3. Do your best to keep surfaces at work and home as clean as you can. (The flu virus can live on hard surfaces for a long while, according to the Mayo Clinic.)
  4. Get the right amount of sleep you need every night. (Sleep is one of the easiest and best things you can do to stay healthy!)
  5. Don’t even think about asking your family doctor for an antibiotic to treat a case of the flu. (It’s completely unnecessary if you follow these steps.)
  6. Drink plenty of water. (Don’t overdo it with caffeine-heavy drinks like coffee, carbonated beverages and energy drinks.)
  7. Keep moving by incorporating some form of exercise in your daily routine. (Even walking makes a difference!)
  8. Pay close attention to your emotions and stress levels, and give yourself the gift of free time every day. (Stepping away from the world for just 30 minutes of peace and quiet helps.)
  All of these simple steps also serve one very important purpose: Protecting the health of your gut, the center of your immune system. We also know that life can get in the way of the best-laid plans, especially during the busy fall and winter months when the flu and other bugs are swimming around us. That’s why we remind you to take a probiotic, ideally containing multiple strains of proven, beneficial bacteria along with a prebiotic that feeds the good bacteria in your gut like EndoMune Advanced Probiotic.  

   

Resources

AARP Johns Hopkins Bloomberg School of Public Health CDC Cleveland Clinic      

8 Easy Steps to Protect Yourself From The Flu Read More »

Ozempic and Wegovy: Are New Weight Loss Drugs Really Safe?

Ozempic and Wegovy: Are New Weight Loss Drugs Really Safe?

  Summary: Recent reports about the safety of Ozempic and Wegovy, injectable drugs prescribed by doctors to help you lose weight, should make you think long and hard about using them.   You’ve probably heard a lot recently about a pair of blockbuster drugs — Wegovy and Ozempic (semaglutide) — for their effectiveness in helping people lose A LOT of weight.   Obesity affects so many Americans — more than 40 percent are obese according to the CDC — that people will try almost anything to lose weight.   Taking weekly injections of Wegovy or Ozempic work to slow down the emptying of the stomach and decrease one’s appetite, and could help someone drop about 12 percent of their body weight.   If these results sound almost too good to be true, the unfortunate reality for some patients has been heartbreaking and life-threatening.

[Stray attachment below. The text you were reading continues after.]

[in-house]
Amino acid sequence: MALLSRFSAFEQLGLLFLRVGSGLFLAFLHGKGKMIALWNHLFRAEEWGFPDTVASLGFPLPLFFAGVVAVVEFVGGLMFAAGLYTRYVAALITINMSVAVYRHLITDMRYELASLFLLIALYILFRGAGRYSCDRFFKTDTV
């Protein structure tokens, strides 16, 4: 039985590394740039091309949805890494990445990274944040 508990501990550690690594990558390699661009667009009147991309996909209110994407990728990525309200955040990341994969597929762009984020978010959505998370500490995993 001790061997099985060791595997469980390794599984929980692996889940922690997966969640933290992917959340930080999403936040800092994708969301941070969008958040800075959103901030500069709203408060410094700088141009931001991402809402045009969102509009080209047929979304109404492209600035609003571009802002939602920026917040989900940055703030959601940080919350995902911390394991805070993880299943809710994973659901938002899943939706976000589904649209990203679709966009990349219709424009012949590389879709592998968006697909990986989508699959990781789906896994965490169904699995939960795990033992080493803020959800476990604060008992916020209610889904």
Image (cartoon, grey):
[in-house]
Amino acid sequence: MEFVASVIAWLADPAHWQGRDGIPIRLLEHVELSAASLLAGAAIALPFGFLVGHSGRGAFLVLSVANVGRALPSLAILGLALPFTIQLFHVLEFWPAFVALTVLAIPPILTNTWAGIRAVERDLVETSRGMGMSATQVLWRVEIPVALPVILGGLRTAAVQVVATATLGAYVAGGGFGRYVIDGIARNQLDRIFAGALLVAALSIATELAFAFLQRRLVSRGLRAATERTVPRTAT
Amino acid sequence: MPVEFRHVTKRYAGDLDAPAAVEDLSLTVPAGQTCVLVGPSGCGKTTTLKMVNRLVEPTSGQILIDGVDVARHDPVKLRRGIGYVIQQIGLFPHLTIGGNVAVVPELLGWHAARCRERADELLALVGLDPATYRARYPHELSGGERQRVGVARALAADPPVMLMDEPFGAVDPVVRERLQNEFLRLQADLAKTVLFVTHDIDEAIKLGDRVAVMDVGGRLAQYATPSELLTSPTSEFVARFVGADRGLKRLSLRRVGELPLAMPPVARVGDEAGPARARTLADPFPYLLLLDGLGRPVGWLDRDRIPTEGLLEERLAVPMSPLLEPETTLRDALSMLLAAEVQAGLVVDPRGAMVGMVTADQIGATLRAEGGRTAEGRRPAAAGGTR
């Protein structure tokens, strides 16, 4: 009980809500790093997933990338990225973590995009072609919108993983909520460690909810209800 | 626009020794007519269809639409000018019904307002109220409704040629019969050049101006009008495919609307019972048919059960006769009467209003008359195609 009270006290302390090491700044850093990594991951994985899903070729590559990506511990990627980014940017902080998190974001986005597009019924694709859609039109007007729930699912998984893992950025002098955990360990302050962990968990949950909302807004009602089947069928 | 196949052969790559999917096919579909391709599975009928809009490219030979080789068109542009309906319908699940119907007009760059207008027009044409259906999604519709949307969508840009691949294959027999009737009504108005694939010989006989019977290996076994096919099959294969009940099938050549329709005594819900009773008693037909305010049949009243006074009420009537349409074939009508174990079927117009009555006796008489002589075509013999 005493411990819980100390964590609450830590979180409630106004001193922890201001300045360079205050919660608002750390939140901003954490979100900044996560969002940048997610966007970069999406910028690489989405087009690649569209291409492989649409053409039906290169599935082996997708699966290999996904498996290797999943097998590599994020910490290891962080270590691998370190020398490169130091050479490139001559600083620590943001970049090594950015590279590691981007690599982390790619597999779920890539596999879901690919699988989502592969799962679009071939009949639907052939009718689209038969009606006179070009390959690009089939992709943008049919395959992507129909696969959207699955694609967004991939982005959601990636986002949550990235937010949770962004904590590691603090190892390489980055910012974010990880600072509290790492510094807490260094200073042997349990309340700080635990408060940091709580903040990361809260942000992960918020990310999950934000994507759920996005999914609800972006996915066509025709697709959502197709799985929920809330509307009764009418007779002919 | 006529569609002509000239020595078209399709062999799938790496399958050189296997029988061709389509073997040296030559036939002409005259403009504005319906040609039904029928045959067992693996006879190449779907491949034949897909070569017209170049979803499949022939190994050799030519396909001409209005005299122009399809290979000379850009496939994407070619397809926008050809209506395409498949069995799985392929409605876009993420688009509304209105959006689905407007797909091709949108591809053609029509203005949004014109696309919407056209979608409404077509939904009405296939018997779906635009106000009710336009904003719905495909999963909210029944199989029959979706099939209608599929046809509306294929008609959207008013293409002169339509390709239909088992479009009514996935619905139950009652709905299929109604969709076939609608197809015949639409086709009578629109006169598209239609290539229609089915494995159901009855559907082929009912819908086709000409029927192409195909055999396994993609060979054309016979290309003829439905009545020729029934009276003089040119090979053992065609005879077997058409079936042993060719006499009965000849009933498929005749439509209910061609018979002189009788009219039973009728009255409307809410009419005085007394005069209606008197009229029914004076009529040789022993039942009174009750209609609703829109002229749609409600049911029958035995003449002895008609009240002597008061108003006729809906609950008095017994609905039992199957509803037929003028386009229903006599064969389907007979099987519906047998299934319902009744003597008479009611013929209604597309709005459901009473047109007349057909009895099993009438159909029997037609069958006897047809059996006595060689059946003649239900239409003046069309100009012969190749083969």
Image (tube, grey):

The Problems with Semaglutide

  According to reports received by the FDA, the most serious problems are associated with severe gastroparesis, also known as stomach paralysis. And, in one case reported by CNN, a woman suffered from severe gastroparesis along with nausea and cyclic vomiting syndrome (characterized by episodes of severe vomiting that can last for hours or days).   What’s more, the American Society of Anesthesiologists recently issued a warning urging patients to cease taking these medications up to a week before surgery. Their concern: A slower emptying of the stomach could allow patients to regurgitate and aspirate food into their airways and lungs when they’re sedated, even after fasting.   Even if you don’t have an extreme version of those kinds of problems, the most common side effects of Wegovy are nausea (44 percent of all users), diarrhea (30 percent) and vomiting and constipation (24 percent).   Also, for either of these drugs to work as directed, you must take them weekly to keep the weight off, or those extra pounds will come back quickly.  

Are Weight Loss Drugs the Only Answer to Effective Weight Loss?

  Did you know there’s a better, safer way to slow down your appetite, eat less and lose weight without the expense or common side effects of an injectable drug like Wegovy or Ozempic?   You may want to give your weight-loss journey a fresh start with the help of EndoMune Metabolic Rescue that contains 1 billion CFUs of beneficial Bifidobacterium lactis and 600 mg of the prebiotic XOS.   XOS is a proven prebiotic that spurs the production of short chain fatty acids (SCFAs) that trigger some of the same mechanisms Wegovy does to slow down the movement of food from your stomach and create a feeling of fullness naturally.    

Resources

  CNN Health   UC Health   Healthline   CBS News   CDC   Drugs.com